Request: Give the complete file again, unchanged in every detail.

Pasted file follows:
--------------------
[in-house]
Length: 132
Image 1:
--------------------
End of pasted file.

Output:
[in-house]
Length: 132
Image 1: